The real casualty of the courtroom lies is the children. Their limitless imaginations, playfulness, inquisitiveness, innocence, and love are shattered against the rock of selfish and impatient worldliness, and self-absorbed spouses known also as Dad and Mom. The social devastation and evil done to children in this generation and its progeny is immeasurable except by God Himself. Yet, we live with it today, with children who quickly become adults, well versed in the excuses and misgivings of adulthood long before their bodies reach maturity. They have learned the wiles of lying parents, maddened by separation, frustrated by lost and noble parental purposes and love, and haunted by a seemingly unrecoverable loss.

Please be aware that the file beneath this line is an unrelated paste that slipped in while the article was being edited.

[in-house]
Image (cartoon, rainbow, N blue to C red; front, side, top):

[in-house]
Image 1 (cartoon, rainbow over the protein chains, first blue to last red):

The world looks at this and says, “Get over it,” “Live with it,” or the old primers, “It must have been God’s will,” or "My spouse is not the same person I married," or with equal nonsense, “He (or she) was too immature, incapacitated, or childish to have entered marriage.” As arrogance is to pride, is denial of the impact of divorce on individuals and society. Another lie.

As friends, ministers, and counselors of these dissolved spouses, we church men and women at times rush to salve the guilt that dissolution brings, ready to deny the truth and the trajedy, to give excuse and comfort to every sigh and whim rather than encouraging the spouse to face, settle, and reconcile differences with his or her spouse. Are those who aid and abet such nonsense any less problematic or better said, any less sinful?